Italian Foreign Ministry supports Milan as potential host of UPC central division

Italian Foreign Ministry supports Milan as potential host of UPC central division

19 December 2018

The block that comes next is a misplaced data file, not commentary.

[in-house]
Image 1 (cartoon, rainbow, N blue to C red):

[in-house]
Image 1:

Since the “Brexit” vote on 23 June 2016,  Italian patent attorneys, lawyers, officials in Lombardy (of which Milan is the capital) and others have been arguing that, if the Unified Patent Court (UPC) goes ahead without the UK, Milan should replace London as the location of a section of the UPC’s central division. Under the UPC Agreement, the central division is to have its seat in Paris with sections in London and Munich -  the London section dealing with cases in the chemical, pharmaceutical and life science sectors. One argument for that section being located in Italy (if the UK does not participate in the UPC) is that Italy is the fourth EU state (after France, Germany and the UK) in which the highest number of European patents had effect in 2012 and, therefore, under the UPC Agreement would replace the UK as one of the three mandatory ratifying countries. Several reasons have been cited for Milan being the most appropriate location in Italy.  These were reiterated recently at a public event in Milan, which was attended by Italian patent attorneys, lawyers, MPs and others and organised by Milan’s Bar Association to persuade the government to support Milan’s bid to host the section; for example, the President of the Lombardy Regional government referred to the number of European patent applications being filed in Milan and the many centres of scientific and medical research and technology transfer centres located there. The following day (4 December 2018), the Italian Ministry of Foreign Affairs and International Cooperation issued a press release.  In this press release, the Minister noted the views of the President and other politicians of the Lombardy Region about Milan being a candidate to host a section of the UPC’s central division. The release states that the Ministry confirms its full readiness to commit to that candidacy when the government issues an official position, which would be taken after assessing the financial implications (as the operating costs are borne by the host state).

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